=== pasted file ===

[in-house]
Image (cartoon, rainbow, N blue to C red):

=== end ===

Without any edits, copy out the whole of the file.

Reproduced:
[in-house]
Image (cartoon, rainbow, N blue to C red):